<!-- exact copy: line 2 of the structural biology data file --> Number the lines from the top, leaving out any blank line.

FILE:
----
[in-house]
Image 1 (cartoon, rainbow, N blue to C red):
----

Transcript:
Image 1 (cartoon, rainbow, N blue to C red):